Light waves perform several hundred trillion oscillations per second. Hence, it is natural to envision employing light oscillations to drive the electronic...

Im Focus: Freiburg researcher investigate the origins of surface texture

Most natural and artificial surfaces are rough: metals and even glasses that appear smooth to the naked eye can look like jagged mountain ranges under the microscope. There is currently no uniform theory about the origin of this roughness despite it being observed on all scales, from the atomic to the tectonic. Scientists suspect that the rough surface is formed by irreversible plastic deformation that occurs in many processes of mechanical machining of components such as milling.

Prof. Dr. Lars Pastewka from the Simulation group at the Department of Microsystems Engineering at the University of Freiburg and his team have simulated such...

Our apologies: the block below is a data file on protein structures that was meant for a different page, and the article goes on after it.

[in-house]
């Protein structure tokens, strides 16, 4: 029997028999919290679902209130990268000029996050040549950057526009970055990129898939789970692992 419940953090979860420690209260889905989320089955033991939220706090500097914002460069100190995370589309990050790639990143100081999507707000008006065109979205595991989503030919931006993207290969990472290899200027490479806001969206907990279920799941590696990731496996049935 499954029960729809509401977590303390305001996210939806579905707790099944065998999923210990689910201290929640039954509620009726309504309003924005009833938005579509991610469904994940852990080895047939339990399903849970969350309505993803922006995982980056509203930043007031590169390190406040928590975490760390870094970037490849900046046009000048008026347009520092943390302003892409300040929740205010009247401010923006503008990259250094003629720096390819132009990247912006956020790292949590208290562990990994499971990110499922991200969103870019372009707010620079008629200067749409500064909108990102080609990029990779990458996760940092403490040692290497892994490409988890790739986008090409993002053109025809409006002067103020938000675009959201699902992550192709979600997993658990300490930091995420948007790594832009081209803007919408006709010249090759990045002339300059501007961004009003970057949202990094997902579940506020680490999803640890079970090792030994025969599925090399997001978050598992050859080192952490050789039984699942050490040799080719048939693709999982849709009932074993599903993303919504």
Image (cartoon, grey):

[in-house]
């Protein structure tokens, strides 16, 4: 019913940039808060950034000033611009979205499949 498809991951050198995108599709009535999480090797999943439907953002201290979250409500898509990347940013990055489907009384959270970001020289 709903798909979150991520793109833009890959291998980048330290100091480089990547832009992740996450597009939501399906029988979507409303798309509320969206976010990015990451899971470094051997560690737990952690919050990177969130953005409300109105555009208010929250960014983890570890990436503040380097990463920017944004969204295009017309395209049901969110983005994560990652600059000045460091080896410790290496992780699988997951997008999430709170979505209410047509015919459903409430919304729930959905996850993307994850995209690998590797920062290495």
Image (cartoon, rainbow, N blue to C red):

Im Focus: Skyrmions like it hot: Spin structures are controllable even at high temperatures

Investigation of the temperature dependence of the skyrmion Hall effect reveals further insights into possible new data storage devices

The joint research project of Johannes Gutenberg University Mainz (JGU) and the Massachusetts Institute of Technology (MIT) that had previously demonstrated...

Im Focus: Making the internet more energy efficient through systemic optimization

Researchers at Chalmers University of Technology, Sweden, recently completed a 5-year research project looking at how to make fibre optic communications systems more energy efficient. Among their proposals are smart, error-correcting data chip circuits, which they refined to be 10 times less energy consumptive. The project has yielded several scientific articles, in publications including Nature Communications.